Gene is also building a new greenhouse and chicken coop over near the pasture where the five goats romp. He's dug an excavation in the shape of a cross approximately 50 feet by 50 feet and plans to put the structures on top of the site. The coop will house 100 chickens fed on organic grain shipped from California and its floor will be layered with hay. At regular intervals the manure-hay mixture will be shoveled through a trap door into compost heaps under the buildings. The heat generated from the composting should give adequate warmth to the greenhouse and chicken coop.
Making compost is nothing new for the LeRoys. They used to make tons of it when they lived in Blaine, Washington and they even sold it commercially there. Gene now uses the same techniques to produce humus in the same large quantities . . . but he plows it all into the fields of the LeRoy homestead.
Charlotte and Gene invited us into the house for a cup of tea before we left and we found their cozy living-kitchen to be a double room dominated by a large wood-burning cook stove. To the sides were a weaving loom, piano, re cord player and stacks of books . . . but the large table near one window caught our attention.
That table held a couple dozen half-gallon milk containers laid on their sides, split lengthwise and filled with soil. Imbedded in the cartons were many varieties of eggplant, grapefruit, water cress, sweet marjoram, savory, basil and other seeds. Several avocado seeds, suspended by toothpicks in bowls of water, sat nearby. "You can grow anything," Charlotte insisted. "When our greenhouse is built, we're going to try growing oranges, figs . . . everything."
Finding Good Soil Mix
We had heard of the difficulties of finding a good soil mix for starting seeds and we asked Charlotte what she used in the cartons on the table.
"A mixture of humus, sand and loam topped with a sprinkling of vermiculite," she told us. "I hike over to the woods and dig up rich leaf mold but it's apt to be too acid so I have to be careful and not use too much." We mentioned that many commercial enterprizes sterilize their potting soil to prevent damping off. "You don't need to do that," she insisted. "It's unnecessary. Humus is light and spongy and, mixed with loam, it's an ideal medium. I've never had trouble with damping off."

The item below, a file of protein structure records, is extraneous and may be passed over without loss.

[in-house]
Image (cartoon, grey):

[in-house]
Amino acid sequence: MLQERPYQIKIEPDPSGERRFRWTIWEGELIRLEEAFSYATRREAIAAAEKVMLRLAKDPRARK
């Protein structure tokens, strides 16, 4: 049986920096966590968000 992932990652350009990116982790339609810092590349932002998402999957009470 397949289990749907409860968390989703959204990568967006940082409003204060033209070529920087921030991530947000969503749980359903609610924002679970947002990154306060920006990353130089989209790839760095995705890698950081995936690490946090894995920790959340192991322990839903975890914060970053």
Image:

A large wire drying rack suspended from the ceiling over the stove held a goatskin. At other times during the year, we were told, the rack is apt to be loaded with edibles such as orange peels, parsley and sliced apples. The weaving in process on the loom contained various textures of weeds, mosses and spun fibres . . . and it was good to sit at a hand-made wood table sipping tea made of rose hips, catnip and peppermint . . . eating dried apples dipped in honey . . . and listening to Charlotte explain her recipe for goat's milk cheese. Outside, it was a rare sunny day and it also felt good to walk around on the LeRoy's farm and play with their goats We were sorry to leave the tranquil retreat but we had to catch the ferry and Gene and Charlotte undoubtedly were eager to make the most of the lovely day by working in their fields. "It's a lot of work . . . but never toil," Gene said. "What you need, though, is faith. Faith that whatever you attempt to do will work out OK."
GENE LEROY'S RECIPE FOR MAKING HUMUS
- Break up the ground so it will act as a starting agent.
- Add 6 inches of organic matter: grass clippings, hay, leaves.
- Add two inches of cow manure or a half inch of chicken manure.
- Add a sprinkling of dirt.
- Repeat until 5 feet high, and at least 4 feet wide. This height will give the proper compression necessary to produce 160 degree heat.
- Soak with water, but not too much.
- Climb on top and punch holes deeply with a sturdy pole to aerate.
- Turn the pile over every 10 days.
- Humus will be ready in about two months